Return to Gilead: 10 shows to check out if you miss The Handmaid’s Tale

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Mad Men

What it’s about: Set in the America Trump and his supporters reference in their MAGA chants — where homophobia, sexism, racism and pretty much every other toxic “ism” abounds, but the economy is good — Mad Men centers on the employees of a high-end ad firm and their not-so satisfying personal lives.

The Gilead connection (besides Elisabeth Moss): If Betty had stayed married to Don and switched her A-line dresses out for teal capes, she’d be Serena Joy Waterford. Except, as I’ve previously pointed out, Betty didn’t help design her oppressive society.

If our leader does, indeed, succeed in his vow to make America “great” again, I fear that, while striving for a Mad Men situation, he’ll overshoot to The Handmaid’s Tale. (Or, who knows? Maybe he sincerely thinks Gilead is swell.)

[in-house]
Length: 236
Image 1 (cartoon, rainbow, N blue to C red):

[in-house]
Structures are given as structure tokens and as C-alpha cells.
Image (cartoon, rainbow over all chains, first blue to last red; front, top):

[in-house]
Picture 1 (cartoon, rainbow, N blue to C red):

Stylistically, ‘60s America and Gilead might be eons apart, but socially, they’re two points on the same scale. Women are reduced to types, men make all the decisions, class divisions are extreme and unyielding and anyone outside the norm is severely punished. At least in Mad Men’s world, the punishment is social instead of physical or sexual, I guess. Plus, its culture is moving in the overall right direction.

Obviously, I can’t say the same of Gilead. If Mad Men makes me thankful for how far we’ve come, The Handmaid’s Tale reminds me that all we’ve gained is now under siege.

Where to watch: All seven seasons are streaming on Netflix.